1. What experience(s) led you to write this book?
A few years ago I was invited to give a short, three-day course on field experiments at the University of Essex. I prepped for it assiduously so as to cover all aspects of experiments. When I turned up to teach the course, I found the students were less interested in hearing me explain the use of statistics to analyse experiments, but they wanted me to give practical tips on how to carry them out. One economics PhD student said to me, ‘I know all the statistics, but I am going to Africa soon and I have no idea about how to actually do an experiment – help me please’. The reaction of the students influenced my thinking about how to write about experiments. The use of field experiments in political science and public policy is a relatively new development, which is linked to the stress scholars now place on causal inference, that is in establishing authoritatively the causes of many phenomena, in particular political and policy interventions. The claim for causal inference is a great advance, but many researchers do not talk about the other distinguishing feature of field experiments, which is the need to deliver a practical intervention alongside the measurement and analysis, which is a different task and where researchers are often very dependent on outside agencies to implement the experiment on their behalf. However, not many researchers talk about how to work with agencies and to ensure the experiment goes to plan so they can make a causal inference they can trust. I saw it as my job is to explain more about the practical side of experiments because the real world imposes all sorts of constrains on what is indeed possible to do. I wanted to shine a light on the world of practical design and the experience of implementation which people do not usually write about.
2. Are there any key messages or themes that you’d like to highlight for potential readers?
The key message is that effective planning should be sensitive to the interlocking nature of experimental design, so that if one aspect changes, so does another. For that reason, I set out ten steps of experimental design for researchers to follow as they think through the linkages. It is important to note that the design of the experiment needs to be sensitive to what may happen in the world once the experiment starts up. Contingencies need to be thought about, and so I have set out nine threats to experiments in chapter three for researchers to watch out for. The assumption is that all sort of events happen during an experiment and the researcher needs a design that anticipates a worst-case scenario.
3. How is this book different from other books in the field?
Most books on experiments focus on statistics, which is essential, so such a book should be the main course book for any module. My book is about the practical side and should be read alongside, not instead of, other texts. I would recommend Alan Gerber and Donald Green’s book, Field Experiments: Design, Analysis, and Interpretation as the core reading, with my book as the second text to be consulted.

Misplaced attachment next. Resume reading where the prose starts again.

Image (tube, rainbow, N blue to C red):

4. Did any findings in writing/researching the book surprise you?
What was interesting was finding out about the differences between different kinds of experiment in terms of the amount of cooperation needed from partners and the difference between large-scale policy experiments and more small-scale political science experiments. Although some experiments need a large amount of funding and a long-term relationship with a range of partners, it was possible to build partnerships for small-scale experiments. Lone researchers using their ingenuity and ability to cultivate good personal relationships can get really great experiments off the ground. This opportunity suits PhD or research students who must usually work on a smaller project. The message is that anyone can do an experiment, and first-time researchers have an advantage in being able to work with a smaller organization and are able to find like-minded people to work with in crafting the intervention.
5. Can you tell us about the instructor materials/pedagogical tools available with this book, and why students will find the book so useful in a Research Methods course?
The core of the book is chapters two and three, which walk the reader respectively through the ten steps needed in an experimental design and the nine threats that can come up. These steps, and an awareness of the threats, can be used for the students to design their own experiment and can be deployed in teaching as a class exercise. The students can find examples of how researchers design experiments when they read the substantive chapters, four to eight, on fields within political science, such as experiments with elites, and fields within public policy, such as behavioral or nudge experiments.
6. What additional research do scholars in the field need to be reading?
There is a huge amount of research coming down the line as scholars get more interested in experiment and PhD students become fully-fledged researchers. Readers can look at the contents page of the leading journals in political science to find examples of experiments, such as the American Journal of Political Science, or the specialist journal, Journal of Experimental Political Science. There is a similar story with public policy and public administration, with experiments often reported in Journal of Policy Analysis and Management and in the Journal of Public Administration Research and Theory.